Renewed call for toll exemption for cops in emergencies | Main stories
The death of a cop has reignited the debate over unfettered access to emergency vehicles, with the Police Federation and St Ann South East MP Lisa Hanna calling for a streamlining of arrangements between the police and the Jamaica Toll Authority.
Constable Donald Carr, 36, died of his injuries at St Ann’s Bay Hospital after the vehicle he was traveling in reportedly lost control and rolled over into a ditch near Golden Grove. A passenger was admitted in serious condition.
There was an outcry from police personnel that they were having access problems reaching the crash site, as toll operators insisted on the motorway charges being paid.
Corporal Rohan James, chairman of the Police Federation, instructed the government to review the policy, arguing it was ‘absurd’ for lawmen to be encumbered with ‘bureaucracy’.
“There were, in fact, obstacles from the toll operators for the police to transport the victims to the hospital (…). The officer had to raise the barrier to transport the victim to the hospital,” James said. the gleaner on Sunday.
Hanna joined the call for exemptions for full access to toll roads for police and other emergency responders.
“Our emergency vehicles must have freedom of movement and access to highways and road networks if they are to serve, assist and better protect our citizens. Failure to do so could delay police emergency access during critical incidents that could result in loss of life,” Hanna said in a statement released Sunday afternoon.
The North-South Highway has two toll stations at St Ann South East for entrances and exits: Unity Valley and Golden Grove.
Jamaica Tolls Authority chairman Hugh Faulkner expressed condolences over Carr’s passing, but would not be drawn on details of the case.
Generally speaking, however, Faulkner said any policy changes allowing police to be exempt from toll charges should be dealt with by law.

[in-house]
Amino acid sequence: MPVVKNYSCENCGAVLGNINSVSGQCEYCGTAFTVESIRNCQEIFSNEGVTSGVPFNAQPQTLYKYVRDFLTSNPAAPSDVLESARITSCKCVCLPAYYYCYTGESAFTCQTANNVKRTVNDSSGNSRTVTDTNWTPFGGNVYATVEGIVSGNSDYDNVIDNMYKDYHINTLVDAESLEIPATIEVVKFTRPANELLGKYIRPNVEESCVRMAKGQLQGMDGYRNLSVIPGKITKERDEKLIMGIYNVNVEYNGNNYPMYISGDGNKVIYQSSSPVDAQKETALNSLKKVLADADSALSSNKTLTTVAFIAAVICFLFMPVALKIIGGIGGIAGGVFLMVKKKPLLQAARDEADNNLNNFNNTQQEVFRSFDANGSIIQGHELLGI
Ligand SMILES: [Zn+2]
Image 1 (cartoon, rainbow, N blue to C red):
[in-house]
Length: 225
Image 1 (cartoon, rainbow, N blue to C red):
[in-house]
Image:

Meanwhile, gloom hung over the Hunts Bay police station, where Carr was assigned, on Sunday as several colleagues were inconsolable.
Inspector Raquel Longmore was in shock on Sunday, recalling speaking to her the week before the crash.
“When you last see them, you don’t know. We are in mourning, he was a very good officer, very decent and hardworking,” she told The Gleaner.
The watch commander in Hunts Bay, Inspector Joseph Davis, shared that Carr was known for his punctuality and for carrying out his duties with pride. He also commemorated him as a man of integrity.
“He was an excellent team player. He would have displayed good service and he got along well with members of the community. He participated in downtown activities and he did his job as a professional,” Davis said.
Carr is said to have served as an inspiration not only to her colleagues, but to the wider community, given her active participation in youth events in surrounding communities.
“He was a positive influence. He deterred young men from getting involved in crime, he was a tour de force and he will be missed not only by the division itself but by the community at large,” Davis said.
As of April 29, 143 people have been killed in crashes this year.